It was Friday night–the beginning of a weekend women’s church retreat. What could be
better? God. Food that I didn’t have to prepare. A beautiful hotel. It was going to be
good. And then the first speaker opened her mouth…

She had been the praise and worship leader in her church and fallen in love with a
bandmate. A full blown affair ensued. She was packing to leave her family. Her
bewildered husband entered the room and simply asked, “Is this what you really want?”
As she spoke my eyes darted back and forth across the stage looking for the person
who would come and escort her away. Why didn’t they cut her mic off? Where was the
leader of this event and why were they allowing her to keep going? She continued with
her story, “I broke into tears at my husband’s question.” They are still married many
years later.

A few minutes into her message, instead of looking for the person who was supposed to
drag her off, I became riveted to every word. Never, ever, had I ever heard a speaker in
a church or church meeting, speak with such authenticity and transparency. Or be so
open, honest and humble. She brought it all full-circle with God’s restoration of her
marriage and family. The promise of restoration hung in the air like a thick warm blanket
and the Holy Spirit woke me several times throughout the night and defined true
restoration. Wow.

What initially felt like a train wreck ended like a spiritual fairy tale.

So now I’m going to be honest. The rest of the speakers that weekend were good. All
quite young and talked about how we are “warrior women”. A good message, but one I
had already been preaching for about 10 years. So I truly believed in what they were
saying, and I’m glad they carried that word to others. But when you pull away to attend
a retreat, you are hoping and expecting a “right now” word. And although I’m sure many
women needed to have the warrior awakened, the woman I was initially shocked at, set
off a chain of events in me that had nothing to do with being a warrior princess for God.

I had only been in this church a short time after moving from another state. The church I
came out of instilled the mentality in its leaders–of which I was one–that you can talk
about current victories, but don’t you dare let anyone think you have had challenges in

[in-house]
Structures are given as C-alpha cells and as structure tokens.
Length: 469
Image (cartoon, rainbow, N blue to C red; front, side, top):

your past. Even if you have overcome those challenges. It was viewed with disdain as

This is exactly why “that church” lost its relevance and why “the church” today is facing
the same danger. We give the impression that we came out of the womb with our hands
raised singing the Hallelujah chorus. Sometimes the church acts as though they don’t
even need a Savior because they have never done anything wrong. Yet we say we are
trying to reach a half-dead, beaten up, confused, angry, scared world. How is anyone
supposed to relate to that?

And I get it! The minute we open up and talk about our past mistakes, someone jumps
on the elitist bandwagon and smacks us with their story of perfection, forty-five
scriptures that let us know just how wretched we are and blocks us on social media so
our “devils” don’t jump onto them.

That lady that I thought would be drug off the stage didn’t deserve embarrassment–like
my mind initially thought. She deserved a medal for being brave enough to be
transparent. Do you know what transparent means? Webster’s defines it like this:
“having the property of transmitting light without appreciable scattering so that bodies
lying beyond are seen clearly.” That lady made such an impression on me that years
later I tracked her down and thanked her for being transparent–transmitting the light of
God so I could see Him clearly.

Your story is like mine. It’s got some good, some great and some ugly. Really ugly.
Wake up call: we were not born into this world praising God or quoting scripture. We
were slimy, crying and in need of a bath. Funny…that’s also what we were like when we
realized we needed to be born AGAIN. There is an entire world of people out there who
are slimy, crying and in need of a spiritual bath–don’t forget you were once like that too.

I beg you, be relevant. Be transparent. Transmit the light of what you’ve really been
through so that others can look at you now and say, “I see God in your story. Will He
help me like He helped you?”

Debra Gaskill
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